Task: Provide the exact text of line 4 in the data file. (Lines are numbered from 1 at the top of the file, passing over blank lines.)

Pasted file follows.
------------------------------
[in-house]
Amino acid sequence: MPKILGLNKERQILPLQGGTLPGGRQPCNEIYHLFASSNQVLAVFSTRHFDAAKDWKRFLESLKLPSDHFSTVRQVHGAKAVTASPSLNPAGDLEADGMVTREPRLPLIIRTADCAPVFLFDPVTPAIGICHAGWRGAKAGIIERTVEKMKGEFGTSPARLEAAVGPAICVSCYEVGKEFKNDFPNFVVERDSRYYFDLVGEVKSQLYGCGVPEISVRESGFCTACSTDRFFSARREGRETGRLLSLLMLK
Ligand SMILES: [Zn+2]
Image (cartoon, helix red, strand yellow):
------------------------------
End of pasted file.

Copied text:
Image (cartoon, helix red, strand yellow):